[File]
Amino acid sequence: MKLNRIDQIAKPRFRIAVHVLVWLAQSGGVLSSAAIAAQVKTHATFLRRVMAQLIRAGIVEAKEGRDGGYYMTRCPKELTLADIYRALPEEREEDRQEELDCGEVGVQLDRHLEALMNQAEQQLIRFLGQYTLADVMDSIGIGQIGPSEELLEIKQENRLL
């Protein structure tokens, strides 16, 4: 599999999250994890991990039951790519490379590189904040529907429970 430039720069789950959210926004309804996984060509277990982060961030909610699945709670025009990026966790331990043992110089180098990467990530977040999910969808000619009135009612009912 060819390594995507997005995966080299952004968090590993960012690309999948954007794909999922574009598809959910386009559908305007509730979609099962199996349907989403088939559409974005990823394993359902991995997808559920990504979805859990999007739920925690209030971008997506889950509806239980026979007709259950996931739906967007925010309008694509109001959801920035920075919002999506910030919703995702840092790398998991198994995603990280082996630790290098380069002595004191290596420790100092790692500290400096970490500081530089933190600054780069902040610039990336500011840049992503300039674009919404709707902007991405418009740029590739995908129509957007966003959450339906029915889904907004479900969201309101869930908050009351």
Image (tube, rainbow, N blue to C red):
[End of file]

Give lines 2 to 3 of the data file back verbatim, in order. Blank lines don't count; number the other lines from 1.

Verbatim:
């Protein structure tokens, strides 16, 4: 599999999250994890991990039951790519490379590189904040529907429970 430039720069789950959210926004309804996984060509277990982060961030909610699945709670025009990026966790331990043992110089180098990467990530977040999910969808000619009135009612009912 060819390594995507997005995966080299952004968090590993960012690309999948954007794909999922574009598809959910386009559908305007509730979609099962199996349907989403088939559409974005990823394993359902991995997808559920990504979805859990999007739920925690209030971008997506889950509806239980026979007709259950996931739906967007925010309008694509109001959801920035920075919002999506910030919703995702840092790398998991198994995603990280082996630790290098380069002595004191290596420790100092790692500290400096970490500081530089933190600054780069902040610039990336500011840049992503300039674009919404709707902007991405418009740029590739995908129509957007966003959450339906029915889904907004479900969201309101869930908050009351």
Image (tube, rainbow, N blue to C red):